Table 2 shows the probabilities obtained by using the different sentiment language models. A deeper analysis of the most frequently occurring words shows that deeply negative words such as
shit, fuck, prostiuiting etc. were considering as positive due to their low and incorrect occurrences in the reviews training set. Similar skewed results were also found for other entities.
The next section presents the solution for the above problem.
3.2 Unigram with Prior After surveying the literature we found that a common technique  is to augment the training data
with a prior using a hand labeled dataset of words that are explicitly known to be positive or negative. We prepared this dataset by scraping selected sources on the internet.
To incorporate the prior we initialize the counts of the known words with a reasonably larger number. Since these words have been extracted from a hand labeled (or hand parsed) source it is extremely likely that their labeling is accurate. The modiﬁed formula for computing probabilities of known words is shown in equation 11. Cpis the prior count we initialize the known word with.
P(Y = 1jwi) = C(Y = 1jwi) + Ci(Y = 1jw= i) + C(Y = 1jw) + C(Y = 0jwi) + Cpp(Y = 1jw= i) + Cp(Y = 0jw= i) + 2 (9)
i) = C(Y = 0jwi) + C(10) P(Y = 0jwi(Y = 0jw= i) + C(Y = 1jw) + C(Y = 0jwi) + Cpp(Y = 1jw= i) + Cp(Y = 0jw= i) + 2 (11)
As table 2 suggests, using the prior led to an improvement in the overall classiﬁcation of Palin as an entity about whom the opinion is negative. Detailed analysis shows that a large number of words that were previously being incorrectly classiﬁed (hell,fuck etc) due to the lack of data were now correctly classiﬁed.
Apart from misclassifying infrequently occurring words, the prior can also augment the model by including words that didn’t occur in the training set and overriding words that were were indecisive based on their usage in the training set. Example a word like ”power” is usually used in a positive sense, but in the case of reviews people can be disgruntled about the amount of a power a product uses there-by resulting in a ﬂatter distribution which will result in it being dropped by our sentiment computation equation 8
Anecdotly, the review set didn’t have words such as agree and power, which actually occurred quite frequently in the Palin tweets and thus using the prior helped in better understanding the data.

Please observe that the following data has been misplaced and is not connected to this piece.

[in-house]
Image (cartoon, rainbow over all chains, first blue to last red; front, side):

The use of a single word model even if supporting with a prior is a limiting approach. Often enough, there are words in the English language that are used equally in both positive and negative contexts there-by limiting the accuracy of the analysis. The next section discusses how to overcome this caveat.
Table 2: Sentiment for Sarah Palin Model Positive Sentiment Negative Sentiment
Unigram without Prior 42% 58% Unigram with Prior 37% 63%
Backoff with Bigram and Unigram 35% 65%
3.3 Bigrams with Backoff The logical solution to improving performance is to try a higher order model. Along with building
a unigram model from the reviews corpus we also build a sentiment language model using bigrams. The theory is along the lines of the unigram implementation, details are shown in equation 16. The
unigram model used in this backoff implementation has been trained with a prior of hand labeled words along with the rest of the 200,000 reviews dataset.
P(Y = 1jwi;wi 1) = C(Y = 1jwi;wi 1i;wi 1) + C(Y = 1jw) + C(Y = 0jwi;wi 1) + 2 (12)i;wi 1) = C(Y = 0jw(13) P(Y = 0jwi;wi 1i;wi 1) + C(Y = 1jw) + C(Y = 0jwi;wi 1) + 2 (14)(15) (16)
Since we train the sentiment language model on the reviews corpus, we felt that using bigrams alone were not an effective way of computing the sentiment from tweets. Hence, we implemented the backoff model where the initial priority is given to the bigram model however in cases the bigram model doesn’t exist we go down to the unigram model to ascertain the probability of the given tweets. Equation 23 presents the details.
T= ft;:::g (17) t11= fw;t12;w2;:::g (18
)P(Y = 1jT) =tXwi;wXi 1tTi;wi 1)g)1fP(Y = 1jwi 1) P(Y = 0jwi 1) >g Z1fH(wi;wi 1)g1fP(Y = 1jwi;wi 1) P(Y = 0jwi;wi 1) > g Z
)(19) +(1 1fH(w
P(Y = 0jT) =tXwi;wXi 1tT1fH(wi;wi 1)g1fP(Y = 0jwi;wi 1) P(Y = 1jwi;wi 1) > g Z
i;wi 1)g)1fP(Y = 0jwi 1) P(Y = 1jwi 1) >g Z
5(21) +(1 1fH(w(22) Z= P(Y = 1jT) + P(Y = 0jT) (23)
As with the unigram model, we introduce a parameter that is tuned such that when evaluating the sentiment only those bigrams are included which have a fairly polarizing effect.
Table 3 presents some interesting bigrams which as stand alone words didn’t ensue a clear interpretation. For example, the bigram ”lines were” possibly comes from the expression ”lines wer
Table 3: Bigram Probabilities Bigram Positive Probability Negative Probability
was shaken 0.13 0.87 against people 0.31 0.69 found rather 0.13 0.87
who missed 0.29 0.71 lines were 0.35 0.65
recovered the 0.72 0.28
drawn” which usually has a standoff like negative connotation which would have been non-trivial to understand with a lower order model simply based on the individual words ”line” or ”were”.